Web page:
What is the take away from this initiative? If you do not realize that cybersecurity is critical for your existence, then you have been asleep for the past few years.
The real lesson is that the SEC is giving you a guidepost for your own internal review to ensure that you are focused the SEC’s topics of importance. Once this exam priority is completed, you should anticipate that the SEC will start issuing heavy sanctions upon non-compliant firms.
Act now, don’t wait for the SEC to pay you a visit. Protect your firm, protect your clients, and avoid the wrath of the SEC. The SEC has painted a picture for you. You would only have yourself to blame if you do not act now before you hear from the SEC.
FINRA has released for comment its proposed amendment to Rule 8312, otherwise known as the BrokerCheck Disclosure rule. As it currently stands, FINRA waits for 15 days before it releases information reported on Form U5. This delay was meant to give a registered representative adequate time to comment.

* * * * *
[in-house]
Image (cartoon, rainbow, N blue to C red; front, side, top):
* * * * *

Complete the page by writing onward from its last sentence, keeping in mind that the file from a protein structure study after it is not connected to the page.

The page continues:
FINRA has proposed to change the waiting period to three business days. In those circumstances where a representative submits a Form U4 from a new firm before the expiration of the three business days, the Forms U5 and U4 will be released simultaneously under the amended rule. So what does this mean practically speaking?
FINRA thinks that three days is more than enough time to comment to avoid potential customer harm that may arise if the registered representative files his Form U4 before the Form U5. In that situation, FINRA wants to avoid a customer only seeing the information on the U4, which may not accurately reflect the facts and circumstances of the departure.